However, don't try to calculate an entry and then use its value in further extrapolations; the order in which the functions are called is not guaranteed. This can lead to a certain amount of duplicated work (or a redesign of your schema), but that's better than complicating the spec.

After the whole thing has been extrapolated, it's time for:

Reporting

A reporting tool would grab the logging.statistics dict, extrapolate it all, and then transform it to (for example) HTML for easy viewing, or JSON for processing by Nagios etc (and because JSON will be a popular output format, you should seriously consider using Python's time module for datetimes and arithmetic, not the datetime module). Each namespace might get its own header and attribute table, plus an extra table for each collection. This is NOT part of the statistics specification; other tools can format how they like.

Turning Collection Off

It is recommended each namespace have an "Enabled" item which, if False, stops collection (but not reporting) of statistical data. Applications SHOULD provide controls to pause and resume collection by setting these entries to False or True, if present.

Usage

    import logging
    # Initialize the repository
    if not hasattr(logging, 'statistics'): logging.statistics = {}
    # Initialize my namespace
    mystats = logging.statistics.setdefault('My Stuff', {})
    # Initialize my namespace's scalars and collections
    mystats.update({
        'Enabled': True,
        'Start Time': time.time(),
        'Important Events': 0,
        'Events/Second': lambda s: (
            (s['Important Events'] / (time.time() - s['Start Time']))),
        })
    ...
    for event in events:
        ...
        # Collect stats
        if mystats.get('Enabled', False):
            mystats['Important Events'] += 1

5 comments

Comment from: Pete Fein [Visitor] Email

I like the idea (I've written something similar though somewhat less flexible in the past), but -1 on multiple nested dicts. The code/description gets too hard to follow - four nested dicts is at least two too many. If you need ASII art to explain your code, you've done something wrong (see SocketServer). I find the arguments about 3rd party modules & speed somewhat specious. The class overhead compared to the basic data gathering/extrapolating operations is minimal. Classes would also allow stats gathering to be turned into a total no-op at runtime. Imagine something like:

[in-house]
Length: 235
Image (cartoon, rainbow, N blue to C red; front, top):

mystats = get_stat_keeper("SQLAlchemy")
mystats.increment("Inserts")

and in your app setup code, injecting a dummy object that does nothing for increment() - no need to check a flag each time (keeps the code cleaner too). We haven't even gotten to thread safety or testing...

I agree that flexibility in extrapolation is important & using callables the way you do seems like a good way to go. Don't see how a class approach precludes that.

Similarly -1 on just stuffing this on the logging module. Yes, it's somewhat a reasonable place for this (a top-level statskeeper might be better), but it introduces potential for collisions (multiple modules defining extrapolate_stats). Come on, just use a module. ;-)

Got more thoughts but not enough time... I like tho.

11/19/10 @ 11:18
Comment from: Will Maier [Visitor] · http://will.m.aier.us/

Hi-

I like the idea of combining the aggregation of statistical and plain records in the logging package. In fact, I liked it so much that I did it after I read your post:

http://packages.python.org/statzlogger/

My implementation is slightly different: statzlogger uses custom logging.Handler subclasses with aggregation properties inspired by Google's sawzall language to track statistics. It doesn't have any reporting or presentation bits yet, but I may add those if I need them.

You can find the code on bitbucket/github (and the documentation at p.p.o, above):

http://github.com/wcmaier/statzlogger
http://bitbucket.org/wcmaier/statzlogger

Thanks for your post!

11/19/10 @ 16:09
Comment from: Marius Gedminas [Visitor] Email · http://gedmin.as

mystats['Important Events'] += 1 is not thread-safe. See the comments at http://bit.ly/h9YCCT (full URL: http://effbot.org/pyfaq/what-kinds-of-global-value-mutation-are-thread-safe.htm )

11/22/10 @ 15:47
Comment from: fumanchu [Member] Email

@Marius, yes I'm well aware. But for many many projects, it doesn't matter: either the concurrency isn't high enough to exhibit the problem, or you don't care if you experience a couple of lost updates. The example Josiah gave in his comment on effbot's page is true but idealized; in the real world, one has thousands, even millions of opcodes between successive increments, not six. Throw those in there and you quickly get over 99% accuracy. In general, that's a better tradeoff than serializing access via threading Locks. You can also trade memory for speed by appending to a list (which is generally atomic) instead of incrementing a counter.

11/23/10 @ 11:55
Comment from: read more [Visitor] · http://durominecanada.com

Hey there! I could have sworn I've been to this website
before but after browsing through some of the post I realized it's new to me.
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and checking back frequently!

10/28/13 @ 16:03